Brad Lander for NYC

Words and Updates from Brad Lander


In the struggle for workers' rights

Nothing meaningful is won without struggle. The workers who fought for the 8-hour work day (and weekends, too), to escape backbreaking weeks that averaged 100 hours on the factory floor or construction site in the late 19th century, knew that as well as anyone. "Eight hours for work, eight hours for rest and eight hours for what you will" seems like such a fundamental demand, but they faced violent retaliation.

This Labor Day, I’m thinking of them -- and reflecting on the struggles ahead to ensure that all workers will have access to the rights and protections that they won. 

Today’s gig-economy companies have restructured working relationships, building business models based on evading their obligations to workers. Gig-workers routinely work 100-hour work weeks, with no overtime, at subminimum wages. Wages are stagnant and middle-class jobs are vanishing, leaving growing numbers of low-wage workers living paycheck to paycheck, more vulnerable than ever. 

As long-time NYT labor journalist Steven Greenhouse chronicles in a new book out this month, unions are at their weakest in decades and the gap between workers and corporate owners is wider than it’s ever been. As Greenhouse pointed out at an event at Greenlight Bookstore in Brooklyn earlier this month, the diminished power of unions and workers has skewed American politics, helping give billionaires and corporations inordinate sway over America’s politics and policymaking.

Still, despite this reality, courageous workers are organizing today, just as they did a century ago. I’m proud to be their ally, on the picket line (since last Labor Day, I’ve joined striking or protesting workers at McDonalds, Chipotle, Zara, Uber, Lyft, and Amazon), and in pioneering new legislation to extend worker protections here in New York City. Together, we’ve won a minimum wage for drivers of for-hire vehicles, guaranteeing that Uber and Lyft drivers will be paid at least $17 an hour. We passed the Freelance Isn’t Free Act -- which has helped freelance workers recover hundreds of thousands of dollars in lost wages.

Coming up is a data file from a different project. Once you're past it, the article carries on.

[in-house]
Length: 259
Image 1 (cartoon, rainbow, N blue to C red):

And we’ve helped fast food workers win a $15 minimum wage, a stable work-week, two weeks advance notice of their schedule, and a pathway to full-time jobs. The brave, creative, inspiring fast food workers in the #Fightfor15 have set off a movement that has raised the minimum wage for tens of millions of workers across the country.  

Now, we’re working with them on the next big step. Fast food workers are among the most vulnerable workers in our economy. 65% of those who lost their jobs were fired without any reason. 

That’s why, along with SEIU 32BJ and many individual fast food workers, I’m fighting to pass groundbreaking legislation in the City Council to protect fast food workers from being fired without a good reason (or any reason at all). Sign the petition to prevent firings without just cause here.

If workers can be fired for no reason at all, it’s much harder for them to speak up when they face sexual harassment or when a manager treats them abusively. And, of course, it’s much harder for them to organize for change. 

When workers organized to demand the 8-hour day, many lost their jobs. But they kept pushing, and a powerful movement gathered behind them. We can help do the same for today’s fast food workers.

Will you add your support for the campaign to end firing based “on a whim” now? 

In solidarity, 


P.S. Looking for another good way to observe Labor Day (which, admittedly, can often feel hollow and disconnected from its worker organizing roots)? Consider contributing to one of the progressive unions, workers centers, or community organizations who are pioneering new campaigns and doing the hard work of organizing. Groups like Make the Road New YorkNew York Taxi Workers Alliance,National Domestic Workers AllianceWorkers Justice ProjectEl Centro NYC, and many more are waging the next generation of labor struggles, and building the next generation of labor leaders.

Annie Levers